TROPOMI measures light in ultraviolet and visible, near-infrared and shortwave infrared spectral bands, allowing it to track pollutants including nitrogen dioxide, ozone, formaldehyde, sulphur dioxide, carbon monoxide and of course methane. At its highest pixel resolution it can detect pollutants over an area of 7 km by 3.5 km – enough to determine the pollution over individual cities in more detail than has even been achieved before.
Geared specifically to track CH4, MethaneSAT refines this capability down to individual sites. With a pixel size of roughly 1 square km – about 1,000m by 200m – it will offer granular detail at an unprecedented scale. During a briefing following a TED Talk on the project, EDF president Fred Krupp explained: “700 of our pixels will fit into one of [TROPOMI’s]… We’ll be able to detect leaks of 250kg,” against the latter’s 7,500kg-per-hour threshold.
Under current plans, MethaneSAT would orbit the earth in intervals of less than a week. With a view path of over 200 km, and its superior resolution, EDF says satellite should not only quantify known sources of gas, but also discover and assess sources which have previously gone unknown or undetected. The data will be generated on a weekly basis and then made publically available.
The level of detail and accuracy envisioned by MethaneSAT will allow EDF to push for its impressive target of tracking 80% of oil and gas production. “That’s not to say we’ll get everything,” Hamburg qualified, “But basically we want to get the overwhelming majority. We think it’s very doable and we hope to exceed it.”
Beyond the physical system itself, the digital architecture also needs further work and Hamburg was emphatic as to the importance of reliability and quality. “There‘s a lot of heavy duty math and science involved. We’re working to make sure we have high-quality data – which would be methane flux rates [likely] in kg/hour/square km,” he explained.
It is important to remember that despite its capabilities, MethaneSAT is not a silver bullet for emissions reduction; nor is it a substitute for vigilance in maintaining local monitoring systems. “You still need the data on what is happening at the individual sites,” he said. “Some of these sites if they’re big enough will have that data, but some are just one small well that may be performing very well. We are not going to be able to describe that well’s performance, but we’ll be able to see how a collection of wells in that area perform – and you need to know if they are always performing that well, so these are complementary.”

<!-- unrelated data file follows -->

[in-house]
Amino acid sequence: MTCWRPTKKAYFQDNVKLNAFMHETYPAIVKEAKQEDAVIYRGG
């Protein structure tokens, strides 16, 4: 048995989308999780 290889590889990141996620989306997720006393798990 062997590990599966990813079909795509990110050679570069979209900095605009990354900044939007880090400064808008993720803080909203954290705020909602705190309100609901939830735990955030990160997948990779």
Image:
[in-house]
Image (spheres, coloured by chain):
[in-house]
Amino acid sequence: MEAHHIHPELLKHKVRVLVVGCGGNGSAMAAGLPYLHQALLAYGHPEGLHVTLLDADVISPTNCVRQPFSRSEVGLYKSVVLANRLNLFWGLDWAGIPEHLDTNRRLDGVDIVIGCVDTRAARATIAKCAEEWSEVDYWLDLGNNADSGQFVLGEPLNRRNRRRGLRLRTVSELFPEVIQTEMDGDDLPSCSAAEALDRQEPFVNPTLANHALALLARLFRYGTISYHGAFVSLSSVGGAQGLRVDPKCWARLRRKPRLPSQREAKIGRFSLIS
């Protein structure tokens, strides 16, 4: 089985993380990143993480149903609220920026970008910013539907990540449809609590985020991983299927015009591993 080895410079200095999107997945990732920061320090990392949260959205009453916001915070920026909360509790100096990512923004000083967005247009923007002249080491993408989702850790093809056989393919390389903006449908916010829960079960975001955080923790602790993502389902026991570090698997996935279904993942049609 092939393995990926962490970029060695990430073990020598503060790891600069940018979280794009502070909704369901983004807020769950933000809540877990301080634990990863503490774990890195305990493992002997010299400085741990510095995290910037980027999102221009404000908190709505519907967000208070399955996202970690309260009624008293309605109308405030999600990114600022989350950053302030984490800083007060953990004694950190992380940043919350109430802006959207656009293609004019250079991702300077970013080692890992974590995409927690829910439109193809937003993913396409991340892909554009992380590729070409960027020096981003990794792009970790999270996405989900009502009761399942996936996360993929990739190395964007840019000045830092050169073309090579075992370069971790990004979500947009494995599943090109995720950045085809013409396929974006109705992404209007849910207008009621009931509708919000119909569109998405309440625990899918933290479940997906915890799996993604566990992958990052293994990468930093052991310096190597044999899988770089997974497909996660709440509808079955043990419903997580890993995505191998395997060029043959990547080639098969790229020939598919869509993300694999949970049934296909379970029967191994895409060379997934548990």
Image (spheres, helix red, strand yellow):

Hamburg also believes that tracking the amount of methane lost also plays a role in ensuring the industry is serious in reducing its leakage and emissions. The loss of such large volumes of usable resources – and economic potential – creates a transparency that many companies should be responsive to, and having data to back this up will be vital in realising reduction. “The industry has demonstrated that the technology is present to contain methane effectively but we need these kinds of data to understand when and where and how these variations are happening so that we can then improve performance on a regular basis,” he added.
“In this case there’s no intermediate between the thing that’s the problem and the thing that’s the resource, they are one and the same,” he noted. “Methane in the pipe that can be used is a positive resource, methane leaking from the pipe is the problem. It could not be more direct.”
And although the project was only officially launched in April, he believes that response from the sector has been positive. “I think there’s been a lot of interest. It’s still early days since we announced it but there is interest there. I think they recognise it’s a powerful tool.”
With much of the groundwork laid, the next steps for EDF will be selecting a vendor to build the satellite itself, among other things. The group intends to secure fixed-price contracts to reduce costs and to forge in-kind relationships with other partners, but is confident that its budget will be enough to realise the project, especially as satellite costs continue to fall.
While an official launch date has yet to be decided, EDF currently plans to send MethaneSAT skywards in the second half of 2020 and no later than early 2021.
Provided it can deliver the data promised, the value of a dedicated, data-driven methane monitoring system – and one that is independent of individual government or corporate policy – cannot be overstated. Used correctly by industry, and not solely oil and gas, schemes such as MethaneSAT offer a step change in how we can begin to tackle the most harmful pollutants. “This is about transparency,” added Hamburg. “This is providing data at a scale and [at] a regularity and a level of precision that we haven’t had before, and we believe that’s a game-changer.”